Location: Damascus, Syria Slug: Brahimi press er more Duration: 01’ 39” Language: Nat/Arabic Source: Ap television Restrictions: Ap clients only Dateline: 01 Nov 2013
1. two shot of exterior of Sheraton hotel 2. Med of camera in the presser 3. (Soundbite)(arabic) Lakhdar Brahimi, UN/Arab league special joint envoy to Syria “ The opposition- the national coalition or other spectra of the opposition- are still searching for a way to be represented in Geneva II, but I believe most of the people have the will to be presented in this summit because everyone thinks that there is no other way to try to get out of this disaster that hit Syria and is threatening the whole region and other areas” 4. Med of journalists in the presser 5. (Soundbite)(arabic) Lakhdar Brahimi, UN/Arab league special joint envoy to Syria “ Regarding the opposition, we hope it will be one delegation, this would make things easier for the summit and for the Syrian themselves. This will be studied and negotiated among the opposition sides and bewteen them and ourselves in the next days. As for Iran; the Unite Nations would prefer the presence of Iran, but we have not agreed on the list of the invited yet” 6. Wide of Sheraton hotel
UN peace envoy Lakhdar Brahimi says guest list for Geneva conference on Syria likely to be agreed soon.
The U.N.-Arab League envoy to Syria is winding up a days-long visit to Damascus with a call to both the Syrian government and the opposition to attend a planned peace conference in Geneva.
Lakhdar Brahimi, who had travelled to Damascus at the end of a Mideast tour to muster regional support for the conference, appeared uncertain about prospects for the meeting.
He met with Syrian President Bashar Assad and Damascus-based opposition groups, and said the Syrian government has confirmed it would attend.
Unlike the first Geneva summit, he said, Syria will be represented by both its government and the opposition.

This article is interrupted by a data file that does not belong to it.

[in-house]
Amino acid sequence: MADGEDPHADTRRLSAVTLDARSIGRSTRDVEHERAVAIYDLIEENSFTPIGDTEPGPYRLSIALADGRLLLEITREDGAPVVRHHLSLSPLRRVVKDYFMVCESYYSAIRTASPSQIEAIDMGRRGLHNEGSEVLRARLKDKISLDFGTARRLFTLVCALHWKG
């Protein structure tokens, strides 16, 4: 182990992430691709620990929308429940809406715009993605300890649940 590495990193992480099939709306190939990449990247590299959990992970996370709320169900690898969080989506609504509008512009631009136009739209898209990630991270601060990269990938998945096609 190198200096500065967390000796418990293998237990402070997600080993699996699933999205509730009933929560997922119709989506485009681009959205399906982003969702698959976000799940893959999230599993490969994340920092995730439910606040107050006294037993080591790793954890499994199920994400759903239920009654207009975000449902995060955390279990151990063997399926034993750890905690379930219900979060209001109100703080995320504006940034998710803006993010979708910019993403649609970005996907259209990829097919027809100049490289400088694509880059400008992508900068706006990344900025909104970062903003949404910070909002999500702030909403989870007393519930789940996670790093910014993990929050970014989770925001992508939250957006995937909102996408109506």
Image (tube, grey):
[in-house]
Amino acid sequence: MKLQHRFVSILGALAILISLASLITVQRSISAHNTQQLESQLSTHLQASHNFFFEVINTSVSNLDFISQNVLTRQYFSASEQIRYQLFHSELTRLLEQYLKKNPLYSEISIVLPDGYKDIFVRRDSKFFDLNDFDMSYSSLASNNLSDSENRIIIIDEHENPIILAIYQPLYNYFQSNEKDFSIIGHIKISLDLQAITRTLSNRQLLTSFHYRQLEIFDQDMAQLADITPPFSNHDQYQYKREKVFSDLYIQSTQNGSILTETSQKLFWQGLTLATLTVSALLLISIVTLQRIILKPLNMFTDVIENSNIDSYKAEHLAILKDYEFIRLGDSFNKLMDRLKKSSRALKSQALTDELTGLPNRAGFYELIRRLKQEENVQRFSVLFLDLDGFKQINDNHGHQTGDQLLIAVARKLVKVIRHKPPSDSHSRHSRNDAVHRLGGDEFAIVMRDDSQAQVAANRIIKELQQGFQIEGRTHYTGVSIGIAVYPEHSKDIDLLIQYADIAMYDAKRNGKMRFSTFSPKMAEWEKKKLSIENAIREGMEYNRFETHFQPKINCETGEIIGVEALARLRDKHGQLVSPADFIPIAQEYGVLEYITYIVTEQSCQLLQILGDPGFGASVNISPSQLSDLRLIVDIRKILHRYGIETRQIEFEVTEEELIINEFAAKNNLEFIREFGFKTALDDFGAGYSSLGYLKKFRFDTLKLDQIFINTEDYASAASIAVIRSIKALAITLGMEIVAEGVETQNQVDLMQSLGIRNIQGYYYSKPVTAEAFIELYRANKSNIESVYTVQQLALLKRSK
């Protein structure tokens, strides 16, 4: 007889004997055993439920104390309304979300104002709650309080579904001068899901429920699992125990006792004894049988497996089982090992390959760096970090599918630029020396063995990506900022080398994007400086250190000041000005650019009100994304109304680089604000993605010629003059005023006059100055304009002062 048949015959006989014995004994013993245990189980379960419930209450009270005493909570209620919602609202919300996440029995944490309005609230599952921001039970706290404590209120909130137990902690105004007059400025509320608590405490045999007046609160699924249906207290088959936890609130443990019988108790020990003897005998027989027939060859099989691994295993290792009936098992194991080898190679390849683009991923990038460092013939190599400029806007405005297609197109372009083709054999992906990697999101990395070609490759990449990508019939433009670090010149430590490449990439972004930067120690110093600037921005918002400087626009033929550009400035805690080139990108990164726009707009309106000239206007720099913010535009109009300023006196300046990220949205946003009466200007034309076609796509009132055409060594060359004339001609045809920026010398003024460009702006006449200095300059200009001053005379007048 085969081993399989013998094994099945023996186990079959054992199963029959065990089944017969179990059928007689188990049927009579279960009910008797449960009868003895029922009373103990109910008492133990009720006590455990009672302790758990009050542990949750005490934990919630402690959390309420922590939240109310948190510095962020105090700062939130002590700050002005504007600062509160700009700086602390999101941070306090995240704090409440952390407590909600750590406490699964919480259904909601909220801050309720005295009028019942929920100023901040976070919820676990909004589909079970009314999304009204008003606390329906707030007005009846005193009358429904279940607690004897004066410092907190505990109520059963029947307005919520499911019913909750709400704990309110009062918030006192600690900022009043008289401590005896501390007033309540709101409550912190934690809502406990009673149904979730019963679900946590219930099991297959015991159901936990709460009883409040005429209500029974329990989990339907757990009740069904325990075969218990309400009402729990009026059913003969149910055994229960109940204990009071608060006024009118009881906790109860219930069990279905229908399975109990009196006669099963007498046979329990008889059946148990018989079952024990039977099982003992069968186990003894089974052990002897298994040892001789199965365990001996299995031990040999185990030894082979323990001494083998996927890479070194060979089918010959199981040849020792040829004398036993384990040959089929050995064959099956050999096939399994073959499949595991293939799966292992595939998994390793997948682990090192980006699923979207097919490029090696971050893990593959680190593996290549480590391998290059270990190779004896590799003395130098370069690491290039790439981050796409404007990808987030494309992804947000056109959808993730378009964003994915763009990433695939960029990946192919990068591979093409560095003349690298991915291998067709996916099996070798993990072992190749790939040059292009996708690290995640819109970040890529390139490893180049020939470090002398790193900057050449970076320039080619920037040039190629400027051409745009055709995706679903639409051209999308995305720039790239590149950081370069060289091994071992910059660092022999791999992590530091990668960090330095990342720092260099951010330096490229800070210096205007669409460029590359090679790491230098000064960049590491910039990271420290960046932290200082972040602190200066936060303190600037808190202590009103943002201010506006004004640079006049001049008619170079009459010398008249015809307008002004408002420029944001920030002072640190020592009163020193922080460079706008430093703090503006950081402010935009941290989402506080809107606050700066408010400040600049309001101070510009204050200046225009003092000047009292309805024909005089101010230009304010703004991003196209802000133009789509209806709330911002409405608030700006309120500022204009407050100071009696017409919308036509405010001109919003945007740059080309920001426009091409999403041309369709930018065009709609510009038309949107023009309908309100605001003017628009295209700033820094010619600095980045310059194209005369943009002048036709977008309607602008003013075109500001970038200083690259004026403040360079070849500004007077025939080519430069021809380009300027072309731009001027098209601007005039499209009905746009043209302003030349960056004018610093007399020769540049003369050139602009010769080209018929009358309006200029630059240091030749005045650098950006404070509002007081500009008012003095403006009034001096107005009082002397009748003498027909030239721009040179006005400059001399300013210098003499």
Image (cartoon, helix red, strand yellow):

"The national coalition or others in the spectra of the opposition - are still searching for a way to be represented in Geneva Two," he said, adding that he hoped there would only be one opposition delegation.
Most of opposition figures who met with him this week said it is impossible to be unified under one group.
They disagree over conditions for taking part, from demands that Assad step down right away to guarantees that he would not be part of a negotiated solution for the country's future.
"But I believe most people are willing to be present in this summit, because everyone thinks there is no other way to try to get out of this disaster that hit Syria," Brahimi said.
He has angered the opposition by saying the United Nations would like Iran, Assad's main backer during the war, to participate.
"The United Nations would prefer the presence of Iran, but we have not agreed on the guest list yet," he said.
After the Syrian leg of his trip, Brahimi is travelling to Lebanon to continue his tour in the region.
He said he hoped the Geneva talks would taker place in the next few weeks.
The US and Russia are pushing for the peace conference bringing both sides of the Syrian civil war to the table in Geneva later this month.
More than 120-thousand people have been killed in the nearly three-year-old conflict, according to the Syrian Observatory for Human Rights, a Britain-based watchdog that closely monitors the violence in Syria through a network of activists across the country.
The U.N. said in July that 100-thousand Syrians have been killed, and has not updated that figure since.
Millions of Syrians have been uprooted from their homes because of the fighting.
Brahimi warned that if the crisis goes on, expectations are that those directly affected by the crisis may reach half of Syria's total pre-war population of 23 million people.